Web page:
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Wrong About the Nightjar
 
I saw a nightjar once, in Thetford Forest,
1975, a summer-end night,
moonlight strobing through the trees.  
I was half mad then
with unrequited love Ė so, yes, moonlight.
Thatís what I remember.
 
And there was music: a ghostly purring,
feathery and mournful Ė no,
regretful, unlocated -- 
fading at the edges
into a mere echo in the night.
Thatís what I remember.
 
And love, and romance, were they there
in the spectral flitting of the bird? 
Was it really a bird, that vague shape,
colourless, putative,
threading through the pinesí dark colonnade?
Thatís what I remember.
 
Except, that wasnít it. Just the other week
I opened, idly, John Bakerís hymn
to the peregrine falcon
and the Essex landscape and all its birds,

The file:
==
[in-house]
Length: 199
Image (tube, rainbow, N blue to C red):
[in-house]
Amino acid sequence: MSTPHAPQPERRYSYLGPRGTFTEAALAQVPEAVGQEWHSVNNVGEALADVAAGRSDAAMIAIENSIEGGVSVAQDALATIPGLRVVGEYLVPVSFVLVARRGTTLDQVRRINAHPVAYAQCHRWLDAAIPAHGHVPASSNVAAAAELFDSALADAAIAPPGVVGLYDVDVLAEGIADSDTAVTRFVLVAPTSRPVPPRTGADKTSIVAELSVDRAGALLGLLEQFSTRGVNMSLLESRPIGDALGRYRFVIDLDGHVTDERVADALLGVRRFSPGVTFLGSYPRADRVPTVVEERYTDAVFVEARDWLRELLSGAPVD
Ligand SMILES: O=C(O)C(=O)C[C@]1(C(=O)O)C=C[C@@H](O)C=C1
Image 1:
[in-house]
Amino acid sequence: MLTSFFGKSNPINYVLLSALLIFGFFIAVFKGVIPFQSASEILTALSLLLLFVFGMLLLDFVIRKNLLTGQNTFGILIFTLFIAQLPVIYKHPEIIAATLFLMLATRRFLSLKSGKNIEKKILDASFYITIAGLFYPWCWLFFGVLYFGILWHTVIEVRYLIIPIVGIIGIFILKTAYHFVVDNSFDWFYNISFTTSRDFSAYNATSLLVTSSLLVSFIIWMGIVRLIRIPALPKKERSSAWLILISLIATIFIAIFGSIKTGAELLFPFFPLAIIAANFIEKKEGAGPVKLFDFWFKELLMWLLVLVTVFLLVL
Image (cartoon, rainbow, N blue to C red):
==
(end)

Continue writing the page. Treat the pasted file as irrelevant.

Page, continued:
his obsession of ten years. 
And then I knew that memory had lied.
 
The nightjar is not spectral, Baker says,
not gloomy; it does not drift
through the woods like a shade.
No, it leaps up joyfully into flight, it dances,
its song is a stream of wine spilling from a height
into a deep and booming cask.
 
How could I have got it so wrong?
The sad bird half seen, half heard,
the forest-filling purring? Was I even there?
Iím sure about the love, though.
I clung to it for years.
Thatís what I do remember.

Mandy Macdonald
 

If you have any thoughts on this poem, Mandy Macdonald would be pleased to hear them.

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